• In modern times, Alfred North Whitehead famously said: “the safest general characterization of the European philosophical tradition is that it consists of a series of footnotes
    to Plato.

  • His most famous contribution is the theory of forms (or ideas), which has been interpreted as advancing a solution to what is now known as the problem of universals.

  • Friedrich Nietzsche notoriously attacked Plato’s “idea of the good itself” along with many fundamentals of Christian morality, which he interpreted as “Platonism for the masses”
    in Beyond Good and Evil (1886).

  • A reason for not revealing it to everyone is partially discussed in Phaedrus where Plato criticizes the written transmission of knowledge as faulty, favouring instead the
    spoken logos: “he who has knowledge of the just and the good and beautiful … will not, when in earnest, write them in ink, sowing them through a pen with words, which cannot defend themselves by argument and cannot teach the truth effectually.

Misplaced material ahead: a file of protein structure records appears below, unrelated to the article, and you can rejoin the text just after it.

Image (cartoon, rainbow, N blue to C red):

• Although Socrates influenced Plato directly, the influence of Pythagoras, or in a broader sense, the Pythagoreans, such as Archytas also appears to have been significant.

  • [34][page needed] Pythagoreanism Main article: Pythagoreanism The mathematical and mystical teachings of the followers of Pythagoras exerted a strong influence on Plato.

  • [88] The most important aspect of this interpretation of Plato’s metaphysics is the continuity between his teaching and the Neoplatonic interpretation of Plotinus[f] or Ficino[g]
    which has been considered erroneous by many but may in fact have been directly influenced by oral transmission of Plato’s doctrine.

  • The precise relationship between Plato and Socrates remains an area of contention among scholars.